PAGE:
Forms stimulate Urmila VG’s imagination

The artist devotes time to details. Every mark is a ritual and demands the same attention

In an urban landscape, it is common to see plants growing from the cracks of buildings. Urmila VG sees this as nature's survival tactic, adopted to endure in human surroundings. She responds to such sights and extends the possibility in an imaginary trajectory through a series of woodcut prints titled Inhabit. In these works, plants grow in a bulb, out of an iron box, in a water dispenser, inside a telephone and in shoes. It feels like one is looking at a situation where human civilisation has ended and nature is reclaiming its space. However, these prints don’t paint a doomsday picture but are playful and humorous.

In another set of works titled Aqua, she looks at the daily rituals of bathing and washing clothes. The foam that is generated takes all kinds of forms and can stimulate the imagination. It can look like a microscopic study of an organism or unknown continents drifting. Urmila draws them in incredible detail as if in a meditative act. For her, drawing every mark is like a ritual and demands the same attention. There is a nice paradox here - to capture a sight that is seen in a flash and flushed out in a moment, she has spent hours of drawing time. Hence we are pulled into two different time frames at once.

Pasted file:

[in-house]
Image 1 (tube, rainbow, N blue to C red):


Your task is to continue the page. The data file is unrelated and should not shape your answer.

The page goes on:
Urmila acquired a bachelor’s degree in fine arts from College of Fine Arts, Bangalore and a master’s degree from Santiniketan. She has held three solo shows in Bangalore and displayed her prints in different parts of the world. A winner of the 2007 Karnataka Lalit Kala Academy award, she lives and works in Bangalore.

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